Originally Posted by zoetmb
That's absolute B.S. Let's say there are no unions and all a company has to pay is federal minimum wage of $7.25 an hour and offer absolutely no benefits. Let's say the employees have a mandatory one-hour lunch which they don't get paid for, 10 holidays which they don't get paid for and 2-weeks off which they don't get pair for.
That still works out to $12,180 per year (which no one can live on in the U.S. anyway. In most places, housing costs alone would eat all of it.)
Chinese manufacturing workers are reputed to work up to 60 hours a week for $130 per month ($1560 per year.) Let's say within a few years, Chinese workers DOUBLE their pay to $3120 per year and only work 35 hours per week. That's still only 26% of a U.S. worker's minimum wage with no benefits.
That's why manufacturing has left the U.S. Not because of unions. Unions do suck in many ways, but they also helped to create the middle-class in the U.S. And now, there's fewer than 15 million American workers covered by unions, mostly public workers.
Even that's an oversimplification. Manufacturing has left the US for MANY reasons - and labor costs are only a part of it.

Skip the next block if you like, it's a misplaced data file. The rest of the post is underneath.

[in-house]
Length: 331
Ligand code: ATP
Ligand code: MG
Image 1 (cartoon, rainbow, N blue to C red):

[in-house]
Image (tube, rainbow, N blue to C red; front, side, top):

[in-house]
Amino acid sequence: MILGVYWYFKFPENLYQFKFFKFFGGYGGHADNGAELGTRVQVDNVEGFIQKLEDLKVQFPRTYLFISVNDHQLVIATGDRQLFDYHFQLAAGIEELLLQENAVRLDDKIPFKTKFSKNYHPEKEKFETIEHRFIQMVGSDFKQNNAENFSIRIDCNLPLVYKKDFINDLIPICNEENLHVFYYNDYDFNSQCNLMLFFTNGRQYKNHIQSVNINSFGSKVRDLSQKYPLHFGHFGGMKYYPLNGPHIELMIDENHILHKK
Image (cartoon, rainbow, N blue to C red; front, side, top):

If you're making t-shirts, labor is a major component. If you're building iPhones, labor is a much smaller factor. The bigger factors which drive the decision as to where to manufacture are:
- Corporate income tax rates
- Currency exchange rates (manipulated by foreign governments in some cases)
- Availability of workers and other resources
- Proximity to world markets (less than half of Apple's sales were U.S.)
- Health, safety, and environmental regulations
- Liability laws and risks (few, if any, countries love to sue as much as the U.S.)
- Worker flexibility
- Local government rules
- And many, many other factors.
Most of those factors are entirely beyond the control of manufacturers and most are unrelated to direct labor rates. Even if labor were free in the U.S., there are many products that would STILL not make sense to manufacture here.